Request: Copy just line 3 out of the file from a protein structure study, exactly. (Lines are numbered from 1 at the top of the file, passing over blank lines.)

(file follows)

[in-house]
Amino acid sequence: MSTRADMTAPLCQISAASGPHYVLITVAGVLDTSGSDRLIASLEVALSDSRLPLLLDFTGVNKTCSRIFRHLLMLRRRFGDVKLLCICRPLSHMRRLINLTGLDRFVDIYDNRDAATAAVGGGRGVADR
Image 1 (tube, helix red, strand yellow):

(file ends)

Image 1 (tube, helix red, strand yellow):